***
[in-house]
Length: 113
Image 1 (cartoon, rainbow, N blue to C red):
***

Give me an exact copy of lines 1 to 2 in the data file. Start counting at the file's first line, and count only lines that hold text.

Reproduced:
[in-house]
Length: 113